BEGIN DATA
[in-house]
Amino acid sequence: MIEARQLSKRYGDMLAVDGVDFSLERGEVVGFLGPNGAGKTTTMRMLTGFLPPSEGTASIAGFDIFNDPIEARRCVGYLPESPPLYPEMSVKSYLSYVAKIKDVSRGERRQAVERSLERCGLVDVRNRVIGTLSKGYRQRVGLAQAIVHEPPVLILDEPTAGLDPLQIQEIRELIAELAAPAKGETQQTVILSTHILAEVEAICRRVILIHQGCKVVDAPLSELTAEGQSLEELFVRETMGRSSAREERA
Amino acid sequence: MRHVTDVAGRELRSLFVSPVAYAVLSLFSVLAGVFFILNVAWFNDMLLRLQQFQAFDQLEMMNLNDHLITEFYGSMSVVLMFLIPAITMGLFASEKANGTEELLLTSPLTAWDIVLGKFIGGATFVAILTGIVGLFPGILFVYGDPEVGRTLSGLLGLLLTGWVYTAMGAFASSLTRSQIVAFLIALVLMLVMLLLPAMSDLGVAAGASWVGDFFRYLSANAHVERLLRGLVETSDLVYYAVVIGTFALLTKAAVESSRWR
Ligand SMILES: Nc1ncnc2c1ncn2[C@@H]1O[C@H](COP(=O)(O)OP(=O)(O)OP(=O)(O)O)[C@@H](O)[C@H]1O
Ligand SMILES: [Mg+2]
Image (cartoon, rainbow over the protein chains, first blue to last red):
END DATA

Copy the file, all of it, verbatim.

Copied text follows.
[in-house]
Amino acid sequence: MIEARQLSKRYGDMLAVDGVDFSLERGEVVGFLGPNGAGKTTTMRMLTGFLPPSEGTASIAGFDIFNDPIEARRCVGYLPESPPLYPEMSVKSYLSYVAKIKDVSRGERRQAVERSLERCGLVDVRNRVIGTLSKGYRQRVGLAQAIVHEPPVLILDEPTAGLDPLQIQEIRELIAELAAPAKGETQQTVILSTHILAEVEAICRRVILIHQGCKVVDAPLSELTAEGQSLEELFVRETMGRSSAREERA
Amino acid sequence: MRHVTDVAGRELRSLFVSPVAYAVLSLFSVLAGVFFILNVAWFNDMLLRLQQFQAFDQLEMMNLNDHLITEFYGSMSVVLMFLIPAITMGLFASEKANGTEELLLTSPLTAWDIVLGKFIGGATFVAILTGIVGLFPGILFVYGDPEVGRTLSGLLGLLLTGWVYTAMGAFASSLTRSQIVAFLIALVLMLVMLLLPAMSDLGVAAGASWVGDFFRYLSANAHVERLLRGLVETSDLVYYAVVIGTFALLTKAAVESSRWR
Ligand SMILES: Nc1ncnc2c1ncn2[C@@H]1O[C@H](COP(=O)(O)OP(=O)(O)OP(=O)(O)O)[C@@H](O)[C@H]1O
Ligand SMILES: [Mg+2]
Image (cartoon, rainbow over the protein chains, first blue to last red):